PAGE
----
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Abstract Title:

Regulation of hepatic cholesterol biosynthesis by berberine during hyperhomocysteinemia.

Abstract Source:

Am J Physiol Regul Integr Comp Physiol. 2010 Dec 22. Epub 2010 Dec 22. PMID: 21178122

Abstract Author(s):

Nan Wu, Lindsei K Sarna, Yaw L Siow, Karmin O

Article Affiliation:

1St. Boniface Hospital Research Centre.

Abstract:

Hyperhomocysteinemia, an elevation of blood homocysteine levels, is a metabolic disorder associated with dysfunction of multiple organs. We previously demonstrated that hyperhomocysteinemia stimulated hepatic 3-hydroxy-3-methylglutaryl coenzyme A (HMG-CoA) reductase leading to hepatic lipid accumulation and liver injury. The liver plays an important role in cholesterol biosynthesis and overall homeostasis. The HMG-CoA reductase catalyzes the rate-limiting step in cholesterol biosynthesis. Hepatic HMG-CoA reductase is a major target for lowering cholesterol levels in patients with hypercholesterolemia. The aim of the present study was to examine the effect of berberine, a plant-derived alkaloid, on hepatic cholesterol biosynthesis in hyperhomocysteinemic rats and to identify the underlying mechanism. Hyperhomocysteinemia was induced in Sprague-Dawley rats by feeding a high-methionine diet for 4 weeks. HMG-CoA reductase activity was markedly elevated in the liver of hyperhomocysteinemic rats, which was accompanied by hepatic lipid accumulation. Activation of HMG-CoA reductase was due to an increase in its gene expression and a reduction in its phophorylation (an inactive form of the enzyme). Treatment of hyperhomocysteinemic rats with berberine for 5 days inhibited HMG-CoA reductase activity and reduced hepatic cholesterol content. Such an inhibitory effect was mediated by increased phosphorylation of HMG-CoA reductase. Berberine treatment also improved liver function. These results suggest that berberine regulates hepatic cholesterol biosynthesis via increased phosphorylation of HMG-CoA reductase. Berberine may be therapeutically useful for the management of cholesterol homeostasis.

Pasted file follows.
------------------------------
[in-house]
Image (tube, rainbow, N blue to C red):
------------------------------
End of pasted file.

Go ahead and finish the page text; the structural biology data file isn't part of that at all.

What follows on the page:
Study Type : Animal Study

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